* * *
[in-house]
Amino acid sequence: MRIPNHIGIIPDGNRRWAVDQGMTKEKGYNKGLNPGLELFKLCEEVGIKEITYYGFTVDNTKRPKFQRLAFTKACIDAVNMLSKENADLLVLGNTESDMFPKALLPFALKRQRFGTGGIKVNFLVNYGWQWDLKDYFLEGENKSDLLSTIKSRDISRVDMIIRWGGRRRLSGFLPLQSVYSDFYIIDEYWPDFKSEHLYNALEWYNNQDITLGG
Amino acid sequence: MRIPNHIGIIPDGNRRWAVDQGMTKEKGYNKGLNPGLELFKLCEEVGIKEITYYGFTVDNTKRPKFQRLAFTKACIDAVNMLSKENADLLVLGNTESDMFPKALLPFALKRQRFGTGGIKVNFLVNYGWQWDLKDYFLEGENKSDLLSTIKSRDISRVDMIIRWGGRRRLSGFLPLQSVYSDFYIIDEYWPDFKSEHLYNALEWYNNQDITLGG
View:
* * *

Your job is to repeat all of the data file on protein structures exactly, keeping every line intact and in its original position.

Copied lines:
[in-house]
Amino acid sequence: MRIPNHIGIIPDGNRRWAVDQGMTKEKGYNKGLNPGLELFKLCEEVGIKEITYYGFTVDNTKRPKFQRLAFTKACIDAVNMLSKENADLLVLGNTESDMFPKALLPFALKRQRFGTGGIKVNFLVNYGWQWDLKDYFLEGENKSDLLSTIKSRDISRVDMIIRWGGRRRLSGFLPLQSVYSDFYIIDEYWPDFKSEHLYNALEWYNNQDITLGG
Amino acid sequence: MRIPNHIGIIPDGNRRWAVDQGMTKEKGYNKGLNPGLELFKLCEEVGIKEITYYGFTVDNTKRPKFQRLAFTKACIDAVNMLSKENADLLVLGNTESDMFPKALLPFALKRQRFGTGGIKVNFLVNYGWQWDLKDYFLEGENKSDLLSTIKSRDISRVDMIIRWGGRRRLSGFLPLQSVYSDFYIIDEYWPDFKSEHLYNALEWYNNQDITLGG
View: